SAA established in Geneva
In the late 1970s to early 80s, a number of African countries were struggling to cope with a worsening hunger situation – none more so than Ethiopia and the Horn of Africa countries which had suffered from the ravages of famine. The late Ryoichi Sasakawa, founder and former Chairman of The Nippon Foundation, was greatly moved by the ongoing tragedy, but he knew that food aid would not be a lasting or fundamental solution. So he contacted Dr Norman Borlaug, who was awarded the Nobel Peace Prize for his contribution to food production enhancement in 1970, and former US President Jimmy Carter, to seek a more sustainable solution to Africa’s food security problems. Norman Borlaug’s dream was a green revolution in Africa, similar to the one he had created in the Indian sub-continent after successful research on higher yielding maize and wheat varieties in Mexico. Ryoichi Sasakawa was prepared to fund the longer term effort that would be needed. So, in 1986, the Sasakawa Africa Association (SAA) was registered as a not-for-profit international NGO in Geneva, Switzerland. The first programs were started in Ghana and Sudan.
Challenges for Food Production Enhancement in Africa
At the time, many experts agreed that the research-based technologies needed to increase food production were already available. The challenge was to get the right technologies into the hands of Africa’s rural smallholders, teach them how to use these technologies and deliver to more and more rural communities. The key to the solution was to establish an effective extension system to efficiently deliver improved technologies to farmers.
It was in this context that SAA dedicated itself to capacity building for public extension systems. Over time, SAA has worked with thousands of frontline extension agents (EAs) and millions of farmers in 15 African countries to promote the use of improved agricultural technologies, covering a wide range of staple crops from maize, wheat, rice, teff, sorghum, millet, legumes and to roots and tubers.
Between 1986 and the end of 2003, SAA operated in a total of 15 countries (Ghana, Sudan, Nigeria, Burkina Faso, Benin, Togo, Mali, Guinea, Zambia, Ethiopia, Eritrea, Tanzania, Uganda, Malawi and Mozambique).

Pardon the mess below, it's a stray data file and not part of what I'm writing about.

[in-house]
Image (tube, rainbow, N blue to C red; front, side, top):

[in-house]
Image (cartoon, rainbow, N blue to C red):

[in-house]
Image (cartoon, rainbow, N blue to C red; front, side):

In early 2004, the SAA Board of Directors decided to concentrate the organization’s human and financial resources on a smaller number of focus countries – Ethiopia, Mali, Nigeria and Uganda.
SAA’s approach has always focused on demonstrating the potential of improved agricultural technologies to EAs and farmers through on-farm demonstration and training, from which EAs and farmers could assess the technologies by themselves. During the farming season, starting from land preparation, seeding, weeding to harvesting, farmers are able to observe the performances and cost-effectiveness of the technologies. Technical skills and knowledge include line planting, use of improved varieties, fertilizer application, and proper timing of the weeding and harvesting. These on-farm demonstration plots serve as useful platform for EAs and farmers within a community, the members of which can see the effectiveness of the technology.
From 1986 to 2000, half a million large demonstration plots and several million smaller production test plots were established with strong financial contribution by the host governments where SAA worked.
Along with these demonstration programs, SAA supported promising innovations for raising and maintaining higher levels of soil productivity. A range of green manure crops were demonstrated including velvet bean (Mucuna) , a remarkable Asian legume. Velvet bean is one of the few crops capable of recapturing fields from speargrass (Imperata cilindrica), an aggressive weed that blights vast expanses of cropland throughout the tropics. Velvet bean fixes nitrogen while growing, doubling its attractiveness to smallholder farmers. Cutting the plants and incorporating the vegetation into the soil allows them to use far less fertilizer for the following crop. In addition to green manure crops, SAA has promoted conservation tillage practices (minimum- or zero-tillage) where appropriate.
New Approaches and Priorities
In recent years, as the complexities and challenges of agriculture in Africa became better understood, many governments and development agencies have responded by broadening their areas of work. From 2004 to 2007, SAA reviewed its past effort, revisited its strategy to bring impact with new priorities and areas of work. A broad consultative initiative began to take shape in 2007, and reached fruition by the introduction of Matrix Management by the end of 2009.
Still president of SAA during much of this period, Dr. Borlaug set the tone for the development of the new strategies. “We remain committed to working with public and private extension providers to ensure the delivery of much needed technologies, knowledge and information to Africa’s resource-poor smallholder farmers,” he said, “but there are new priorities and new goals for us to attain…as we strive for that elusive Green Revolution in Africa.”
To achieve this, SAA has moved beyond crop production enhancement, covering postharvest handling, agro-processing, marketing and capacity building of farmer groups. Moreover, SAA has accelerated its efforts to encourage participation of women farmers and youth groups in income-generation activities through service provision in the area of postharvest and agro-processing.
Now, the effort to address climate change is another critical issue for SAA’s strategy, through the identification and extension of climate smart technologies, such as the introduction of drought resistant varieties and early maturing varieties as well as water-harvesting.